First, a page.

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Is a commission due for a ready, willing and able buyer?

by / Sunday, 23 March 2014 / Published in Articles

Is a commission due for a ready, willing and able buyer?

By Bryan Mashian  

 

Buyer submits an all cash offer at the full listing price of $17 million. Seller indicates that the terms of the buyer’s offer are acceptable and counters only to increase the price to $19.5 million. The parties’ deal does not go past this stage. Buyer’s broker then sues seller for his 2% commission since the broker had produced a “ready, willing and able” buyer at the full listing price. The court held that seller could counter the price and did not owe a commission to the buyer’s broker.

California law is solidly settled that a real estate broker earns a commission when the broker procures a ready, willing, and able purchaser who offers to buy the property on the terms set by seller in the listing agreement. Seller’s acceptance of the offer is not needed for the broker to earn a commission as long as the broker can prove that the purchaser was ready, willing and able.

A below the listing price offer does not obligate seller to pay a commission, but only if seller accepts that offer. Because typically offers are submitted at below the listing price, listing agreements generally provide that the commission is earned when the broker procures an offer that is otherwise acceptable to seller, such as below the listing price, but nevertheless accepted by seller.

Also, when an offer is conditional, such as on buyer obtaining a loan, approving physical inspections, etc., then the broker has not procured a willing purchaser (regardless of the offering price), until the conditions have been removed.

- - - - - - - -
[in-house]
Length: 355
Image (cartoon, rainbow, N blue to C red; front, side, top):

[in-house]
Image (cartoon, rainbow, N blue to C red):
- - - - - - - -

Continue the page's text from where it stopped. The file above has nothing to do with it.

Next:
The closing of the deal is not required for the broker to earn a commission based on procuring a ready, willing and able buyer. If the offer was matching, or if a nonmatching (but unconditional) offer was accepted, the broker has earned the commission, whether or not the sale closes. In other words, if a commission already has been earned by procuring a matching offer or an accepted lower offer, then the broker cannot lose the right to the commission based on what happens later, such as failure of the deal to close due to breach or other reasons.

The listing agreement in the case mentioned above was the standard form published by the AIR Commercial Real Estate Association. The listing agreement provided that the cooperating broker earned a commission on the seller’s receipt of a $17 million cash offer “or such other price and terms acceptable to seller.”

The Court of Appeal saw a parade of horribles that could follow if the court held that seller did owe the buyer’s broker a commission. For example, seller could be obligated to pay multiple  commissions on every full-price offer without regard to the offers’ terms. Seller would not be able to accept a higher offer once a full listing price offer had been made. A commission would be due even if the buyer subsequently breached the contract. Or, the cooperating broker would be disinclined to seek a lower purchase price for the buyer because that might jeopardize the commission.

An unusual aspect of this case is that listing broker did not pursue the commission, but only the buyer’s broker. A cooperating broker’s right to commission is dependent on the listing agreement, which means that if seller does not accept an offer, the cooperating broker is really at  the mercy of seller and the listing broker. The Court of Appeal did not even mention these requirements, and instead focused only on the language of the listing agreement.

The court relied on the fact that listing agreement specifically stated that the commission would be earned when a buyer is procured “on any other price and terms agreeable to seller.” So, seller could specify a price and terms, even outside of the four corners of the document. The court ruled that to obtain a commission under the listing agreement, the cooperating broker needed to satisfy more terms than simply provide a buyer who offers the full list price of $17 million. Thus, the court concluded that “the $17 million price was merely an invitation to submit offers.” Also, the listing agreement stated that any commission was to be paid at close of escrow. The court held that these terms defeated the cooperating broker’s commission claim.

 

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